• This packet is then ultimately forwarded to the target VLAN in the network.

A double tagging attack is unidirectional and can be difficult to prevent without the right network management strategies in place.

Why should you care about VLAN hopping attacks?

VLAN architecture has become an integral part of every network's IT infrastructure. With organizations becoming increasingly reliant on VLANs for secure network communications, any loopholes in their security can lead to:

  • Privacy threats: Attackers gaining access to your VLANs can easily penetrate into the data held by the resources connected to the VLANs. This penetration and infiltration enable attackers to access sensitive network data, such as system passwords.
  • Data access and manipulation: A compromised VLAN architecture can expose your network to data theft. Attackers can gain access to, modify, or delete your network data.
  • Security threats: VLAN hopping exposes your network to several security threat vectors. By penetrating into the network VLANs, attackers can propagate malicious agents, such as worms and Trojans, into the network.

How to prevent VLAN hopping attacks

VLAN hopping attacks take advantage of VLAN misconfigurations and improper VLAN architecture setup. To prevent these attacks from infiltrating the network, network admins are recommended to implement the following best practices in their IT infrastructures.

Preventing switch spoofing

As stated earlier, switch spoofing attacks are based on improper trunking configurations in switches. To reduce the probability of such attacks, network admins should:

  • Disable auto trunk negotiation settings in network switches. This can be done by disabling DTP in all ports. This setting should be left enabled only if necessary for day-to-day network functioning.
  • Explicitly configure non-trunk ports as access ports. This reduces the number of available ports for penetrating switch spoofing attacks.
  • Ensure all ports that are currently not in use are shut down or disabled.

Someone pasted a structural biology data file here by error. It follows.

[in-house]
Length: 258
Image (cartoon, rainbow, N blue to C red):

Preventing double tagging attacks

Double tagging works by using the IEEE 802.1Q standard to break through the logical isolation of different VLANs. To mitigate these attacks, network admins should:

  • Isolate the network's default VLAN from host access.
  • Enable explicit tagging of the native VLAN on trunk ports.
  • Give the native VLAN on trunk ports an ID different from the other user VLANs.
  • Never assign access ports to the native VLAN.

Apart from the above best practices, network admins can also follow standard industry best practices, which include:

  • Keeping a VLAN device inventory: Maintain a centralized inventory of all the network switch ports and their interfaces. Enable effective performance monitoring to track their crucial performance metrics and utilization in real time.
  • Layer 2 mapping: Use a reliable networking mapping tool to maintain up-to-date layer 2 maps of network VLANs, their connections, and associated network resources. This helps you understand the logical structuring of your network, and quickly carry out issue mitigation steps if needed.
    For instance, referring to your network's current layer 2 maps helps you isolate critical VLANs from other VLANs in your network.
  • Switch port management: To enable in-depth insights into your network traffic, deploy a switch port mapping and management solution to drill down to the physical- and traffic-level aspects of the switch ports and associated interfaces.
  • Ensuring network compliance: Ensuring your network meets the required latest compliance standards enhances your network's defense against VLAN hopping.
    For instance, PCI compliance adds several layers of security to your logical network architecture, making it impractical for VLAN hopping attackers to access sensitive data.